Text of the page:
There was only one heap. Allocation from user pools wasn't supported (as always it could be handled as some kind of array of structures by the program itself).

  • The S/360 architecture didn't have a stack in the modern sense of the word (for example there was no stack pointer register) but PL/I did use chained "data frames" for local variables within subroutines. Confusingly by modern conventions, the S/360 assembler POP and PUSH instructions were assembler directives which saved and restored the assembler's controls for things like printed or punched-card output, rather than being part of the code being assembled! – alephzero Oct 13 '18 at 11:54
  • "There was only one heap" - at some point in the development of S/360 and S/370, there were effectively two heaps, because virtual memory was split into a base section of 16MB (of which only 7MB was available to user programs, the rest being used by the OS) and the remainder "above the [16 MB} line." Using the memory "above the line" required program directives to allocate and free it, and to associate it with variables in a high level language. – alephzero Oct 13 '18 at 12:00
  • @alephzero a) having a software defined stack instead of a missused return stack is something I always prefer (not at least after 30+ years of /370 code). And b) no, this is not about memory allocation due OS functions, but one using language features. – Raffzahn Oct 13 '18 at 12:08
  • Footnote 1: I think they call that RAII these days. – Davislor Oct 13 '18 at 19:38
  • @Davislor Jup, somewhat similar, except that RAII resources are not located on the stack but within the heap. So there exists additional code when creating and releasing it that calls heap management functions. With Algol it was just the creation of a stack frame relative address referenc for creation, and literally nothing for deletion. – Raffzahn Oct 13 '18 at 20:16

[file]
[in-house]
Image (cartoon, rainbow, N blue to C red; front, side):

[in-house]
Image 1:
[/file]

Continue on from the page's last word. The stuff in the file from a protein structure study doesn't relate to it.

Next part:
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This question starts of with a wrong premise. C does no have this distinction between "value types" and "reference types" at all. However, Simula significantly predates C, being developed in 1965, and Simula does have Ref types.

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    Welcome to Retrocomputing! Because you did address part of the question, I have upvoted your answer. However, the question appears to be about memory management, rather than variable typing. If you could address memory management, it would improve this answer. – Dr Sheldon Oct 14 '18 at 5:47
  • Sorry if I was wrong with terms:( How should I change my question to be correct? I met last time with C in university and never write any production code with it. Maybe I just not understand information on lessons in right way... – Matvey Malatsion Oct 14 '18 at 8:56
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    @MatveyMalatsion "Stack variables" and "heap variables" are probably the words you're looking for; technically "heap variables" are pointed to by stack variables but everybody will know what you mean. – wizzwizz4 Oct 14 '18 at 20:37